First of all Eq. 2, used to retrieve μeff, comes from the solution of the DE that is an approximate solution of the more rigorous radiative transfer equation. Furthermore, the solution refers to a pointlike source and a pointlike receiver inside an infinite medium, whereas measurements are carried out with source and receiver with finite dimension inside a finite medium. Also Eq. 6, used to retrieve ε ail and έsil, is subjected to restrictions, since it comes from Eqs. 3 and 4 that are based on the independent scattering approximation. It is therefore necessary to investigate 1) the range of applicability of the DE, 2) the effect of the finite size of source and receiver, 3) the effect of the perturbation on light propagation due to the presence of the source and of the receiver in the medium, 4) the effect of the finite medium, and 5) the validity of the independent scattering approximation.
Applicability of the diffusion equation.
The accuracy of the DE to describe light propagation through an infinite medium has been investigated in depth in Ref.  both with numerical simulations and with experiments. In particular it has been shown that for moderate values of absorption Eq. 1 is almost exact (discrepancies with respect to the solution of the radiative transfer equation smaller than 1%) provided r > 2/μ́s.
Effect of the finite size of source and receiver.
In our experimental setup two identical diffusive sphere (3-mm diameter) attached to the tip of two plastic fibers have been used to illuminate the medium and to collect received photons. It has been shown  that the solution of the DE for a spherical source with constant strength differs from the solution for a pointlike source only by an amplitude factor FS = sinh(μeff a)/(μeff a) where a is the radius of the sphere. It has been also shown, integrating Eq. 1 over a spherical receiver , that the finite size of the receiver leads to an amplitude factor FR =FS. For the values of a and μeff a used in our experiments the correction factors remain between 1 and 1.01, but the most important point is that they do not depend on r, so that the slope of ln[rΦ(r)] as a function of r remains unchanged. Therefore, the finite size of the source and of the receiver does not perturb the measure of μeff.
Perturbation introduced by the source and by the receiver.
The measurements of fluence in an infinite medium are disturbed by the presence of the source and of the receiver. In fact the optical properties of the fibres used to illuminate the medium and to collect the fluence are unavoidably different with respect to the diffusive medium. Furthermore, part of the light impinging the tips leaves the diffusive medium. For our experiments it is mainly important to understand if the perturbation due to the fibres changes the dependence of ln[rΦ(r)] on r. This point has been investigated solving the DE for the infinite medium with a perturbation approach. For an absorbing inhomogeneity the perturbation of the fluence results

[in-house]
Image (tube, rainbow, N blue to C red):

where r 1 and r 2 are the distances of the volume element of the inhomogeneity, dVi, from the source and from the receiver respectively. To evaluate the perturbation due to the diffusive sphere that illuminates the medium we integrated Eq. 12 making the assumptions r 1 + r 2 ≅r 2 ≅ r With these assumptions we obtain
An identical expression can be obtained for the perturbation due to the spherical receiver.
For a scattering inhomogeneity the perturbation results
where ϑ is the angle between the source-inhomogeneity vector and the receiver-inhomogeneity vector. To evaluate the perturbation due to the spherical source we observe that if r 2 >> r 1 two volumes elements symmetric with respect to the center of the source bring perturbations of equal intensity but with opposite sign. We therefore expect a negligible scattering perturbation from the source fibre. An identical consideration can be applied for the receiving fibre.
In conclusion we expect that the presence of the fibres cause only a perturbation proportional to μ́s independent of the source-receiver distance that does not affect the measure of μeff. This conclusion has been supported by the results of an experimental investigation: We repeated multidistance measurements of fluence with and without a third fiber, identical to the others, in contact with the source fibre. As expected, we observed that the third fibre reduces the measured signal by a small factor, proportional to μ́s, independent of the source-receiver distance. The reduction was of 1% for μ́s = 0.4mm−1.